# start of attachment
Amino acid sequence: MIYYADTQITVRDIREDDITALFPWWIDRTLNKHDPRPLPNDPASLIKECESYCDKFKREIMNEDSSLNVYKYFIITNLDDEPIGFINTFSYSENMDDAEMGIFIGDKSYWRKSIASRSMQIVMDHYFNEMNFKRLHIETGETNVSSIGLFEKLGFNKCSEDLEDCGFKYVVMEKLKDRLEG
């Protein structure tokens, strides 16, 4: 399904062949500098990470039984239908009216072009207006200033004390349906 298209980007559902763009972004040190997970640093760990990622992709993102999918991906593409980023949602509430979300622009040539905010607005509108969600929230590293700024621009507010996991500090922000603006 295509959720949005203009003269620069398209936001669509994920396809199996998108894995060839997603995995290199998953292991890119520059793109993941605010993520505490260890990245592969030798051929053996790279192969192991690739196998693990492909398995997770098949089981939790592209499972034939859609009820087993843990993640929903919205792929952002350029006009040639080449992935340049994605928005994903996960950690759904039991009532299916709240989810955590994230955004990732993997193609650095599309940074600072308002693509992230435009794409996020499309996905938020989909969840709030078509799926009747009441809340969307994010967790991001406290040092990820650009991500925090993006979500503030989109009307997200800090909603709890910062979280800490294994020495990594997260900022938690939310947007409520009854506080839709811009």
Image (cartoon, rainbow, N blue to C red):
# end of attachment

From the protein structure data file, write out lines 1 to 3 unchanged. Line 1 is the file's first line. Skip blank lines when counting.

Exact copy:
Amino acid sequence: MIYYADTQITVRDIREDDITALFPWWIDRTLNKHDPRPLPNDPASLIKECESYCDKFKREIMNEDSSLNVYKYFIITNLDDEPIGFINTFSYSENMDDAEMGIFIGDKSYWRKSIASRSMQIVMDHYFNEMNFKRLHIETGETNVSSIGLFEKLGFNKCSEDLEDCGFKYVVMEKLKDRLEG
């Protein structure tokens, strides 16, 4: 399904062949500098990470039984239908009216072009207006200033004390349906 298209980007559902763009972004040190997970640093760990990622992709993102999918991906593409980023949602509430979300622009040539905010607005509108969600929230590293700024621009507010996991500090922000603006 295509959720949005203009003269620069398209936001669509994920396809199996998108894995060839997603995995290199998953292991890119520059793109993941605010993520505490260890990245592969030798051929053996790279192969192991690739196998693990492909398995997770098949089981939790592209499972034939859609009820087993843990993640929903919205792929952002350029006009040639080449992935340049994605928005994903996960950690759904039991009532299916709240989810955590994230955004990732993997193609650095599309940074600072308002693509992230435009794409996020499309996905938020989909969840709030078509799926009747009441809340969307994010967790991001406290040092990820650009991500925090993006979500503030989109009307997200800090909603709890910062979280800490294994020495990594997260900022938690939310947007409520009854506080839709811009």
Image (cartoon, rainbow, N blue to C red):